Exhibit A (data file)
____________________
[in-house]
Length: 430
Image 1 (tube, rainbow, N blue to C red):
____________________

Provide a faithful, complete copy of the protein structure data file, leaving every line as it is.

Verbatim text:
[in-house]
Length: 430
Image 1 (tube, rainbow, N blue to C red):